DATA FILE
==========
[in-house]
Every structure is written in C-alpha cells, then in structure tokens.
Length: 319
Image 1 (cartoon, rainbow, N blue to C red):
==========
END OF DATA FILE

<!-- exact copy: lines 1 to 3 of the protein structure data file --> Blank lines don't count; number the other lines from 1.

[in-house]
Every structure is written in C-alpha cells, then in structure tokens.
Length: 319